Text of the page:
f.              Ammunition Compatibility

Firing ammunition in a weapon that is not specifically designed to shoot that ammunition can be dangerous and can result in serious injury or death, as well as damage to the weapon. This unsafe condition is caused by an excessive build-up and/or release of high-pressure gas in a firearm’s chamber, barrel, and/or any action beyond which the weapon is designed to withstand. Only ammunition of the caliber or gauge designated by the weapon manufacturer for use in that weapon should be fired. Manufacturer markings indicating the correct caliber or gauge of ammunition to be used in a weapon are usually found on the barrel, frame, or receiver.

Check the head stamp on the ammunition to confirm that it matches the caliber or gauge markings placed on the weapon by its manufacturer. Some ammunition does not have markings on the head stamp of the cartridge. In that case, check the original ammunition packaging to determine its caliber.

Note: Just because a round of ammunition can fit into a firearm’s chamber, barrel, or action does not mean it is safe to use that ammunition in the firearm.

Table 12.29 represents common security officer handgun chamberings with compatible and incompatible ammunition. Never use ammunition that is incompatible with the firearm chambering.

Firearm ChamberingCompatible AmmunitionIncompatible Ammunition
.380 ACP.380 Auto
.9mm Kurz
.9mm Luger
.9mm Parabellum
.9mm Parabellum.9mm Luger
.9x19mm (NATO)
.380 ACP
.9mm Kurz
.9×18 Makarov
.38 Special.38 Automatic
.38 Long Colt
.38 Short Colt
.38 Super Auto
.9×18 Makarov
.357 Magnum
.357 Magnum.38 Special.357 Sig
.357 Sig.380 ACP
.9mm Kurz
.9×18 Makarov
.40 Smith & Wesson9mm Parabellum
.357 Sig
.10mm.40 Smith & Wesson
.45 ACP.45 Auto
.45 Government
.45 Colt
.45 Winchester Magnum

Ammunition designated as “+P” is loaded to a higher pressure, as indicated by the +P marking on the cartridge case headstamp. This ammunition is for use only in firearms specially designed for it and so recommended by the manufacturer of the firearm.

Shotshell Length

Shotshells come in a variety of lengths. This is important to keep in mind because firing a shell longer than a shotgun’s chamber can be dangerous, even if it’s the correct gauge.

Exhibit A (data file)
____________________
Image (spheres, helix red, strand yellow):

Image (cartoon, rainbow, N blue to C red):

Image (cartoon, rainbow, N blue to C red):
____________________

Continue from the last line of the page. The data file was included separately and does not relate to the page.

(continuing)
Modern 12-gauge shotshells come in 2 ½-, 2 ¾-, 3-, and 3 ½-inch lengths, all holding different amounts of powder. Shotguns are marked on the barrel, for example: 12-gauge 2 ¾ inch. This shotgun’s maximum shell length is 2 ¾ inches.

It’s also important to point out that you should never fire a gauge different than that of your shotgun. This can destroy a gun and lead to serious injury to both the shooter and any innocent bystanders.

If your shotgun is marked “12-gauge 2¾-inch” you may safely fire 2½- and 2¾-inch 12-gauge shotshells, but not the 3- or 3½-inch. If, on the other hand, your shotgun is marked for 3½-inch shells, you can safely fire any of the 12-gauge shells.

III     Ammunition Care and Storage

Whenever possible, ammunition should be stored in its original manufacturer’s shipping containers. Storage should occur in a cool, dry, well-ventilated area away from all sources of heat or flame.

Ammunition should be kept out of reach of children and untrained adults. Weapons and ammunition should be stored separately. Ammunition must not be stored with acids, strong oxidizers, or caustics as they can degrade the ammunition over time.

Ammunition should not be carried for more than 12 months by officers on duty. Temperature and moisture extremes experienced by constant carry and exposure to other environmental conditions for long periods of time can potentially reduce the reliability of ammunition. Duty ammunition should be fired during qualification and training events so that new ammunition is issued ensuring that officers carry fresh, reliable ammunition on the street.